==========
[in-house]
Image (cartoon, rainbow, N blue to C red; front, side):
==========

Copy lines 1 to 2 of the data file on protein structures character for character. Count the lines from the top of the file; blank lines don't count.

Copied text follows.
[in-house]
Image (cartoon, rainbow, N blue to C red; front, side):